Mixed connective tissue disease
Other Names for this Disease
- Sharp syndrome
See Disclaimer regarding information on this site. Some links on this page may take you to organizations outside of the National Institutes of Health.
autoimmune disorder that is characterized by features commonly seen in three different connective tissue disorders: systemic lupus erythematosus, scleroderma, and polymyositis. Some affected people may also have symptoms of rheumatoid arthritis. Although MCTD can affect people of all ages, it appears to be most common in women under age 30. Signs and symptoms vary but may include Raynaud's phenomenon; arthritis; heart, lung and skin abnormalities; kidney disease; muscle weakness, and dysfunction of the esophagus. The cause of MCTD is currently unknown. There is no cure but certain medications such as nonsteroidal anti-inflammatory drugs (NSAIDs), corticosteroids and immunosuppresive drugs may help manage the symptoms.Mixed connective tissue disease (MCTD) is a rare
Last updated: 12/29/2014
- Eric L Greidinger, MD. Mixed Connective-Tissue Disease. Medscape Reference. February 2013; http://emedicine.medscape.com/article/335815-overview.
- Mixed Connective Tissue Disease. Mayo Foundation for Medical Education and Research. May 2012; http://www.mayoclinic.org/diseases-conditions/mixed-connective-tissue-disease/basics/definition/con-20026515?METHOD=print.
- Mixed Connective Tissue Disease (MCTD). NORD. October 2007; http://www.rarediseases.org/rare-disease-information/rare-diseases/byID/338/viewAbstract.
- The Mayo Clinic Web site has an information page on mixed connective tissue disease that can be found at the following link. Click on The Mayo Clinic to view the information page.
- The Merck Manuals Online Medical Library provides information on this condition for patients and caregivers.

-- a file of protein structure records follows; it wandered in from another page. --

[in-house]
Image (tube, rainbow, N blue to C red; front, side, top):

- The National Organization for Rare Disorders (NORD) has a report for patients and families about this condition. NORD is a patient advocacy organization for individuals with rare diseases and the organizations that serve them.
- Medscape Reference provides information on this topic. You may need to register to view the medical textbook, but registration is free.
Mixed Connective-Tissue Disease
Pediatric Mixed Connective Tissue Disease
Dermatologic Manifestations of Mixed Connective Tissue Disease
- The Merck Manual for health care professionals provides information on Mixed connective tissue disease.
- The Monarch Initiative brings together data about this condition from humans and other species to help physicians and biomedical researchers. Monarch’s tools are designed to make it easier to compare the signs and symptoms (phenotypes) of different diseases and discover common features. This initiative is a collaboration between several academic institutions across the world and is funded by the National Institutes of Health. Visit the website to explore the biology of this condition.
- Orphanet is a European reference portal for information on rare diseases and orphan drugs. Access to this database is free of charge.
- PubMed is a searchable database of medical literature and lists journal articles that discuss Mixed connective tissue disease. Click on the link to view a sample search on this topic.